When I was a child I found it easy to remember things: faces, names, tiny details of insignificant events, many of which I can still recall fifty years later. Learning French and German vocabulary at school came quite naturally – often I only needed to see the word once for it to stick in my memory.
But how very different things are now! It’s a struggle to remember faces and places and there’s absolutely no chance of remembering a name, date or appointment details. As for foreign languages (which I still enjoy studying): I have to work so hard to remember any new vocabulary that I find it quite discouraging to even try.
I’ve read that the human brain is limitless, that its capacity to store data is huge, and that our brains don’t necessarily perform worse as we get older, but they may be better at some things and worse at others. For instance, although it becomes harder to store new information, our long-term memory actually improves as the years go by. Maybe we just need to try new ways of remembering new things. So I’ve done some research, asked around and come up with a list of methods that can be used to improve memory recall. Continue reading
We’re now entering a major present-buying period for many people, but of course we buy presents for all kinds of people for many different reasons. This list may provide some helpful suggestions, whatever the occasion and whoever you’re buying for.
I first became interested in W.H. Davies (1871-1940), the author of The Autobiography of a Supertramp, when I was writing a blog entry on his poem which begins, “What is this life if, full of care,we have no time to stand and stare?”. You can read this most relaxed of poems and the blog entry here.
While scratching around to find some information about the man behind the poem, I was interested enough by what I read of his personality and life to want to read his autobiography. Even the title of it sounds quite modern and inviting to a twenty-first century reader, despite being written in the very early years of the twentieth century. Interestingly, much of the book also reads like something written more recently.
Last week it was the twentieth anniversary of the day my dad died: inevitably a time for looking back, but also for pondering on what’s happened between then and now. So much has gone on in the family – the kids have grown up and married; a grandchild has been born – but it also struck me just how much in my daily life involves things Dad would know nothing about. Here are just a few:
What do we envisage when we hear someone called a “very creative person”? Possibly we assume that he or she is a gifted artist or composer, or someone whose home is filled with beautifully hand-crafted objects. Maybe it sounds like this is someone we should be in awe of. Then we might compare ourselves –inevitably unfavourably , telling ourselves that we just couldn’t hope to compete , that we’re “not that creative”.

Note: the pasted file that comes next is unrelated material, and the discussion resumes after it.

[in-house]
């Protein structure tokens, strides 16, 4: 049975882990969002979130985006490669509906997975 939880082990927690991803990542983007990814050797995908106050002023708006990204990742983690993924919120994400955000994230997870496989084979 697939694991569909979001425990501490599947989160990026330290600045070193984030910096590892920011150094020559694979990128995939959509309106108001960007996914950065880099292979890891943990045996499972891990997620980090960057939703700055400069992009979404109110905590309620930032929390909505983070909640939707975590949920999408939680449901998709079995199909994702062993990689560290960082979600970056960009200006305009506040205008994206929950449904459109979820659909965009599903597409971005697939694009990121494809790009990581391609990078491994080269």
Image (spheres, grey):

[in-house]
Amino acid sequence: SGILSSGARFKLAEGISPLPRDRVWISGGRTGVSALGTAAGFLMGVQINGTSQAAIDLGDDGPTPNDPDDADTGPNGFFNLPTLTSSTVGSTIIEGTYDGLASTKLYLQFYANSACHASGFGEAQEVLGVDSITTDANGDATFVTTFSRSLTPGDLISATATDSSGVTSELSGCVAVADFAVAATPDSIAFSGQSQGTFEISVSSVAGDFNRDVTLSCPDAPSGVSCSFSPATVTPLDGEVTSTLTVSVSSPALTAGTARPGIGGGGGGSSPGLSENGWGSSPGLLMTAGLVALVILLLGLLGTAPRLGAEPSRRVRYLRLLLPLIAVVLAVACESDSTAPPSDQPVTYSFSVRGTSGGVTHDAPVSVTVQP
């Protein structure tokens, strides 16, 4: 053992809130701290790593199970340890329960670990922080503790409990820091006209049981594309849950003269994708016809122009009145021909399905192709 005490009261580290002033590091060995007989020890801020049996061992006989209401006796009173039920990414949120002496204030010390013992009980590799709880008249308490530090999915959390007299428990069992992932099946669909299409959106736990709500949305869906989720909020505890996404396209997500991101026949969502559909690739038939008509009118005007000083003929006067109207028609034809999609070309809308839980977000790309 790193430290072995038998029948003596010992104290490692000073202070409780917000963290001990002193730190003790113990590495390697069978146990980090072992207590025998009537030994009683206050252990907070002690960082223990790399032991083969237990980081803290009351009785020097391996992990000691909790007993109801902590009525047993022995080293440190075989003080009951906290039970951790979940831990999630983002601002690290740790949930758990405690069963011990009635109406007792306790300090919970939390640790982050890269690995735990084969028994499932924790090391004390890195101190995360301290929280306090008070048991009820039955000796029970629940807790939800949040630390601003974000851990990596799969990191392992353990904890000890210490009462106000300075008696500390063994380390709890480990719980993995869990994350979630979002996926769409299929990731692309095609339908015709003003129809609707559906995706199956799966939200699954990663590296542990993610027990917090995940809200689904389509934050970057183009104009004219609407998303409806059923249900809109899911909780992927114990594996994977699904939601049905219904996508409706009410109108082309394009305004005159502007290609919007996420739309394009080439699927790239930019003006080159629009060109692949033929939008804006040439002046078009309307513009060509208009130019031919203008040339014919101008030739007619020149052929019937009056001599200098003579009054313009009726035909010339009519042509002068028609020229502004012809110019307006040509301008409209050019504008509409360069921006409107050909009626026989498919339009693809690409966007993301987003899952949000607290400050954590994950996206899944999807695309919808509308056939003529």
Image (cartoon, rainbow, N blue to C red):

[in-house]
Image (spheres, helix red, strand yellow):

But creativity has nothing to do with competition. The etymology of the word “create” is connected with the idea of giving life – of producing something where nothing existed before. Beyond this, it has the sense of being able to transcend traditional ideas to produce something original and imaginative. In other words, to come up with something a bit different.Continue reading
Apparently some people don’t like coriander (known as Cilantro in North America)! I find that hard to believe. There’s even a website for people who hate it! How could anyone possibly hate the fragrant, distinctive flavour coriander brings to so many dishes.?Though, if overdone, I suppose maybe it can be a bit insistent at times.
Anyway, for those of us who do cherish a pot of coriander on the kitchen windowsill, here are 10 tasty ways to enjoy it: Continue reading
Because he was one of the greatest novelists who ever lived. His novels feature really ingenious plotting; a vast range of exceptionally colourful and memorable characters of all kinds – many of them eccentric and humorous (although there are some great villains too); interesting insights into life and human nature; many funny episodes; a breath-taking prose style; memorable expressions and witty comments.
Traditionally, Dickens is not seen as an easy read, and in some ways he isn’t. Unfortunately, though, many people have been introduced to Dickens at school when they were too young to understand his prose style and this has had the effect of turning them off Dickens for life. Because children are quite familiar with simplified versions of stories such as Oliver Twist, A Christmas Carol and Great Expectations, there is a mistaken perception that these books were written for children, but they remain very much adult novels. The original full-length versions are far too dificult for children yet, if you return to Dickens’s books as an adult, you’ll find them much more readable than they were when you were fourteen!
Nevertheless, it’s worth bearing in mind that in the twenty-first century we’re saturated with instant messages and easy readability, but Dickens does have to be worked at a bit – not something we’re used to. But if you’ve never managed to enjoy Dickens before but you’re prepared to make the effort now, he more than repays the toil you put in .